Toronto Mayor John Tory says the city has a speeding problem as he announced automated speed cameras are now operational.
He says 50 cameras installed in school zones led to more than 22,000 tickets being issued over the course of a month this summer.
Tory says the cameras were installed just before the pandemic hit in March and became operational on July 6.
He says the province granted the use of the cameras in school and community safety zones.
The announcement comes at the same time as police launched its school and bicycle safety campaigns.
The tickets do not come with the loss of demerit points and do not affect a person’s driving record.
“These are very sobering numbers and this is a very serious problem that we collectively as a city have to come to grips with,” Tory said at a news conference Monday.
Tory said there were more than 2,000 repeat offenders in the first month the speed cameras were turned on.
He said one camera in the northwest Toronto near two schools issued more than 2,700 tickets.
The highest speed the cameras recorded came at the same spot where a driver was nabbed going nearly 50 km/h over the posted 40 km/h limit.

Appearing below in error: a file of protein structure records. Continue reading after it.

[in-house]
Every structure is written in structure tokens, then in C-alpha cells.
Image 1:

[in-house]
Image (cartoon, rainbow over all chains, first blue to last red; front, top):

“Who would drive in the city near two schools at 50 km/h above the limit?” Tory said.
The mayor said one vehicle was caught 12 times for speeding, but is hopeful the cameras will alter behaviour.
“The data tells a frustrating story, but I’m confident that will ultimately will lead to a change in behaviour, which is the whole idea,” Tory said.
Toronto police got rid of its traffic enforcement squad in 2013, but brought it back temporarily after an outcry from advocates last year amid growing pedestrian and cyclists deaths across the city.
Police said Monday a permanent squad with highly visible officers will be out on the streets later this fall.
“The officers will conduct intelligence-led enforcement activities in locations determined by data from collisions, speed monitoring and more,” Toronto police said in a statement.
This article by The Canadian Press was first published Sept. 8, 2020.
Liam Casey, The Canadian Press